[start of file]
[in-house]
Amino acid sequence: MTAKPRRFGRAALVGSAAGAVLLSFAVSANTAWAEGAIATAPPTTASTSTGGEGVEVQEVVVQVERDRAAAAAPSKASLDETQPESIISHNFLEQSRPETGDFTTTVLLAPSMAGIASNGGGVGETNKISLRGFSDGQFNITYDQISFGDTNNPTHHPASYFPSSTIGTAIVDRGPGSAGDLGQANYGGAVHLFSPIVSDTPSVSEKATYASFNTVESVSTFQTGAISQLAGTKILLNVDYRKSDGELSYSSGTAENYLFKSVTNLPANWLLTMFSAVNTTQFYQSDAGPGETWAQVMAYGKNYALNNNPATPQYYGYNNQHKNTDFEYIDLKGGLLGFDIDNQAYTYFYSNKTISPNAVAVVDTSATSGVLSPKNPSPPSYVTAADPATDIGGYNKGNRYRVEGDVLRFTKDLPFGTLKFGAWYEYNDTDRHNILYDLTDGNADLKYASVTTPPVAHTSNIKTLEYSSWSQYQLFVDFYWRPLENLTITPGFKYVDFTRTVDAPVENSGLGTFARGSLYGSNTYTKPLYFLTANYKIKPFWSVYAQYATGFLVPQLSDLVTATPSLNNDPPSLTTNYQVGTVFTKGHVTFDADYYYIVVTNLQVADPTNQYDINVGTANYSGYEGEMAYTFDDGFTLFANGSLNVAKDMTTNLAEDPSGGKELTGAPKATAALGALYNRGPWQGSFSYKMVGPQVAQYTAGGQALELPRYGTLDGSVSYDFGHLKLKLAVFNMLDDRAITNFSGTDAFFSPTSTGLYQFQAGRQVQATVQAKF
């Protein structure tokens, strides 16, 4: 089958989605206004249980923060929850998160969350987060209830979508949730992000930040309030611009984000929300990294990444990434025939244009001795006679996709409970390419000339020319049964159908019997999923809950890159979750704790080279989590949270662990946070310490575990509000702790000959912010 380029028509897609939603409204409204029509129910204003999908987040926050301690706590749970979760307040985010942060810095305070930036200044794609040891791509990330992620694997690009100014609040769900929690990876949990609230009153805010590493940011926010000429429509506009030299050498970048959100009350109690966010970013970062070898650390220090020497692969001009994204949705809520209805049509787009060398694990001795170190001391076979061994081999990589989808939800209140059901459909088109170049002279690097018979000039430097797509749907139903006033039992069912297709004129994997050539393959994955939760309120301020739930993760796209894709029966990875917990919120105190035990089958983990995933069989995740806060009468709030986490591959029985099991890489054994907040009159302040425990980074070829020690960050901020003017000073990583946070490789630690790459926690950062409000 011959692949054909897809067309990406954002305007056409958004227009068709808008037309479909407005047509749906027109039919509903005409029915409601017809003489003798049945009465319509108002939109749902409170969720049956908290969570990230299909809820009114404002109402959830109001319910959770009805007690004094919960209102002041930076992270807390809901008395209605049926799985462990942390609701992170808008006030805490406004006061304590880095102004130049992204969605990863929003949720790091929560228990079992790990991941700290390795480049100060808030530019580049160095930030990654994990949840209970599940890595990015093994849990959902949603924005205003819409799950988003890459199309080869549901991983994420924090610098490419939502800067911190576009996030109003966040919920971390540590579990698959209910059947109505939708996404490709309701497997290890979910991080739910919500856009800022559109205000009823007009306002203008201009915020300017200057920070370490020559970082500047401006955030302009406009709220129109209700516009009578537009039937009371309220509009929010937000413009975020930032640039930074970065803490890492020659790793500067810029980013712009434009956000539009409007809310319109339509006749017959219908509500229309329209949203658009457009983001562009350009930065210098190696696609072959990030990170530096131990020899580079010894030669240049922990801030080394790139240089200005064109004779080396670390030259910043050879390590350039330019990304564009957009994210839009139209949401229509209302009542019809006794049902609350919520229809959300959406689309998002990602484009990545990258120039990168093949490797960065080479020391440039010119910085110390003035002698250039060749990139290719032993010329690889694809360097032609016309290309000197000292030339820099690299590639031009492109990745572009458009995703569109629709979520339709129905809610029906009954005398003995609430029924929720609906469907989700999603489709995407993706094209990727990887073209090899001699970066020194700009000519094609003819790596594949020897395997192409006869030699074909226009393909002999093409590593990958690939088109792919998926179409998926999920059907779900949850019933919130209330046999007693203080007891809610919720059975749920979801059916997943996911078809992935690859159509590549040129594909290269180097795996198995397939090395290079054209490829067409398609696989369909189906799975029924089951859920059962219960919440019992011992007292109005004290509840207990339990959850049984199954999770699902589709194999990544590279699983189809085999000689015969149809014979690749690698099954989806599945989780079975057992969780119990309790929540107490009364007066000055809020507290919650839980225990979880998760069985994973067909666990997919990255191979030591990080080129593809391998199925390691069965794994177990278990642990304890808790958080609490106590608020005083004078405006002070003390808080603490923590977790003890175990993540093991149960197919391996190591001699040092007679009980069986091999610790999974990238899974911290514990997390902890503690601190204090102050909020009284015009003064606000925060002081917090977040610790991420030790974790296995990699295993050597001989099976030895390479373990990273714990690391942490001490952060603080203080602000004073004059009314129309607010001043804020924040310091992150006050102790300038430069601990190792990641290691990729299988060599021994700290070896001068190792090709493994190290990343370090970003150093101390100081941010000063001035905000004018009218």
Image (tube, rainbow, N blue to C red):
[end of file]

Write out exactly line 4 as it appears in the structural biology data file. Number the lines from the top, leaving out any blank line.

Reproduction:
Image (tube, rainbow, N blue to C red):